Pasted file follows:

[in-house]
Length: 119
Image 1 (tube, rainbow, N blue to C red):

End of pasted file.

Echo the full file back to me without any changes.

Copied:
[in-house]
Length: 119
Image 1 (tube, rainbow, N blue to C red):